April 15, 2011
I stumbled this morning upon this poem, by Catherynne M. Valente: A Silver Splendour, A Flame. It’s exceptional—part poem, part libretto for an imaginary vaudville show, part retelling of the Persephone myth, part kaleidescope, maybe even a bit of ars poetica, and entirely beautiful. Well worth checking out.
The Zingara Poet has begun a new series of interviews with poets, which will feature discussions with poets a bit more off the beaten path than one normally encounters in textbooks or at, say, Poets.org. The first interview, with Alarie Tennille, can be found here.
Just for the record, Liberty University (a private, conservative Christian institution founded by Jerry Falwell) received more money from the federal government last year than the Corporation for Public Broadcasting did. (Hat tip to Fred Clark.)
What’s with the abuse of figurative speech lately? First Senator Jon Kyl states that 90% of Planned Parenthood’s work is related to abortions (when the figure is actually closer to 3%), and when called on it, his office stated that “his remark was not intended to be a factual statement,” and then, after Kobe Bryant received criticism for calling a referee a “fucking faggot,” he stated that the slur “should not be taken literally.” What bothers me about issues like these is, quite simply, words mean things. “Oh, but that’s not what I meant” does not come across, to me, as a particularly compelling explanation. Even when writing poetry—a form of communication that is not generally assumed to represent factual statements or to be taken literally—if most of the people who hear or read your words take from them a meaning counter (or unrelated) to the one you’d intended, you might want to reconsider your words.
Of course, Jon Kyl’s statement ended up leading to a thoroughly amusing Twitter hashtag, so that’s something.
This article about a young woman growing up Objectivist has been making its way across the interwebs, but I thought I’d link to it as well, just in case my lovely readers haven’t seen it.
Happy Friday, all!
December 12, 2008
I first learned about found poetry in a creative writing class I took my senior year of high school. In that class we would create found poems by flipping through a book or magazine, pulling out ten or so phrases, then arranging those phrases in a way we found artful. I wouldn’t necessarily try to argue that my creations in that vein are actually poems, but it’s nevertheless something I enjoy; it gives me a chance to play with rhythm and sound and texture without having to worry about meaning, or even having to come up with the raw material myself. Also, I’m pretty good at reading my creations in a way that makes them sound like they mean something. 😉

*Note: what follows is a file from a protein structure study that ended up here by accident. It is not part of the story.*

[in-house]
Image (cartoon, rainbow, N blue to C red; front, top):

Anyway, a while ago I got an email notifying me that this comment had been left on my birthday post from last year. (And I saw there a whole bunch of well-wishes from last year that I totally never got via e-mail, which made me smile — er, the well-wishes, not the fact that I hadn’t seen them — thanks, y’all!) I think it’s probably spam — after reading over it a few times I realized it’s probably (part of?) an article on Viagra that went through a translating program too many times — but I left it, because something about it screamed “turn me into a found poem!” at me. The found poem I concocted from it is below, and if anyone feels like dropping their favorite found poems or sources for found poetry in comments, please feel free!
These exploratory results
a rendering of the sickness
showed the numb eschewed
preserve their hubs
the way the narcotize works
to feud frailty
may also lend a hand
hands to feud inefficacy
a higher jeopardy of
hands scrape people with
from an primeval ruin
brawny dystrophy is
a genetic working order
causing wasting of the muscles
peerless to an increasing decline
but in the nucleus it
hands to certain the implement itself
with the quintessence in a stiff
prepare, it is more superior
to suffer the bumping
of weakening muscle cells
inform on us craving that
one day it inclination be accomplishable
to regale with this proposals
analyse that desire
march the bumping
it dominion father for people
with athletic dystrophy
it is noiselessness
extraordinarily primeval days
–Liz D., 2008
March 6, 2008
February 7, 2008
All clips are from Dressed to Kill (which means many of you have probably seen them already, but they still make me laugh, so I figure the same may well be true of my lovely readers!)—
Empires, Risk, Hitler, mass murder, the cunning use of flags, and — of course — CAKE OR DEATH: